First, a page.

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Constructing the Narrative: Censorship On Wikipedia, YouTube, Instagram

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Constructing the Narrative: Censorship On Wikipedia, YouTube, Instagram

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In recent days, new wave of censorship started on Social Media, including Wikipedia and YouTube. It could, of course, all be “incidentally” happening at the same time.

On November 11th, White Helmets co-founder and former MI-6 officer James Le Mesurier was found dead near his Istanbul home.

Following that, an anonymous editor, with the nickname “Philip Cross” is attempting to censor all Wikipedia publications that indicate that the White Helmets “rescue organization” collaborate with terrorists and engaged in the production of “chemical attacks” in Syria.

The observation was made by UK politician and former ambassador to Uzbekistan Craig Murray, on twitter:

Constructing the Narrative: Censorship On Wikipedia, YouTube, Instagram

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Craig Murray also authored a piece on Philip Cross, asking why James Le Mesurier, as well as some high-profile narrative managers followed the account on Twitter.

“Why then does James LeMesurier, founder of the ‘White Helmets’, follow Philip Cross on twitter? Why does ex-minister Tristram Hunt follow Philip Cross on Twitter? Why does Sarah Brown, wife of Gordon, follow Philip Cross on twitter? Why then do so the following corporate and state journalists follow ‘Philip Cross’ on twitter?”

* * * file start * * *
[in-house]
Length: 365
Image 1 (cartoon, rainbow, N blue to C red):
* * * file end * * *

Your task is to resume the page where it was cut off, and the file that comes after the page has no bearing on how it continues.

The same Philip Cross was looked into by Caitlyn Johnstone, and she’s provided quite a bit of evidence that the individual constantly managing the Wikipedia pages of both pro-establishment and anti-establishment media figures in a very pro-establishment slant.

“An article by Five Filters which you can read by clicking here documents how the “Philip Cross” account has been working morning to night with precisely zero days off toward this endeavor.”

In addition, the Wikipedia editor actively intervenes in articles about British politicians who oppose US military campaigns in the Middle East There’s even an award for identifying who “Philip Cross” really is.

In the James Le Mesurier page on Wikipedia, Philip Cross made dozens of alterations, to present the White Helmets in a positive light.

When it comes to YouTube there’s been a lot of controversy regarding its algorithm and the potential for censorship, and the facts of censoring conservative voices and opinions, under the pretext of “hate speech” and other justifications.

That is all about to change.

From December 10th onwards, YouTube is changing is Terms of Service, allowing it to potentially terminate any account that isn’t “commercially viable.” And not only to YouTube, but to all Google services.

“YouTube is under no obligation to host or serve content,” the new terms of service policy reads.

YouTube is a relatively open platform, but it doesn’t mean that the company is required to keep videos up.

Most of the updates are focused on who’s using the platform, and to protect children. In September, the Federal Trade Commission issued a $170 million fine against Google for alleged violations of the children’s online privacy protection act (COPPA). YouTube also agreed to make changes to further protect children’s privacy and comply with the law.

YouTube claims that it’s “not changing.” A spokesperson said: “We’re making some changes to our Terms of Service in order to make them easier to read and to ensure they’re up to date. We’re not changing the way our products work, how we collect or process data, or any of your settings.”